Article – Open Source Open Society
New Zealands Open Government Partnership Action Plan is open for consultation until the end of day on this Friday 26 August. If you care about transparency, accountability participation and better use of technology in the way our government is run then …Last Days to Contribute to NZ Open Government Action Plan
New Zealand’s ‘Open Government Partnership’ Action Plan is open for consultation until the end of day on this Friday 26 August. If you care about transparency, accountability participation and better use of technology in the way our government is run then you should make a submission here. If you are in Wellington there is also a final full day co-creation workshop on this Friday where you can get involved at a deeper level. See the Press release published on Scoop yesterday here for further details.
Our position as a leader in this space is at threat
New Zealand has had very good fiscal and government accountability and transparency reputation, however recent developments such as the Panama Papers and increasingly poor public consultation processes are threatening this reputation. As Susanne Snively, chair of Transparency International New Zealand said at yesterday’s Open Source Open Society Conference in Wellington, our position as a leader in this space is slipping due to complacency and lack of ambition to look towards transparency and accountability in a modern society as other nations are doing.
A thorough Open Government Partnership commissioned independent review of New Zealand’s previous Action Plan by Privacy Lawyer Steven Price noted widespread criticism of the lack of ambition and poor engagement in this process. It appears that this has been a wakeup call for the State Services Commission and they have finally determined to create something more ambitious and incorporate more public input into the process.
Why does Open Government matter?
Open Government may not sound particularly exciting or important but it has huge impacts on our ability to participate in democracy and to engage better with government processes and services. Open government means making it easier for more people to tell government what sort of society they want and removing barriers preventing people from accessing important information, data or technology from government.
It means making information on government spending and decision making more visible to the public and giving them real opportunities to participate in such decisions. It means more open data to enable New Zealanders to make useful applications to add a human interface to data both in the commercial and democracy spaces. It also means making better use of both technology based and offline facilitation and outreach approaches to provide opportunities for both young and older people to participate in important decisions and have their voice heard by decision makers.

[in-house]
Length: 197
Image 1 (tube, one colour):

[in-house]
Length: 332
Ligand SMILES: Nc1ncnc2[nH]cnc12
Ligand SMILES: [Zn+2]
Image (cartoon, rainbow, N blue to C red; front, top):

How to have your say this week?
You can submit to the OGP consultation process on what a more open government should look like here. Your 500 words will be combined by the State Services Commission into a Cabinet Paper that will be considered by Cabinet over the next months before a plan is finalised in September. You can also submit your opinions directly by email to email@example.com or by phone on 021 678 356.
What Next for Open Government in NZ?
Unfortunately, although it is a step in the right direction, due to the rushed timeframes it is probably highly unlikely that this plan will be ambitious enough to put New Zealand back in the position of being a leader in the open government space. However, we can also continue to engage with government on this issue to put pressure on them to incorporate more ambitious open government policies and actions over the next two years as this Action Plan is implemented. In addition we can continue to support civil society initiatives that seek to develop outside of government solutions to this problem of creating more opportunities to better engage with government.
Judging by the level of highly skilled and passionate people committed to solving this problem at OS//OS yesterday, New Zealand has the expertise and knowledge to once again be a leader in open government. We now just need the ambition and ironically the opportunities for citizens and industry to participate in the process in meaningful ways.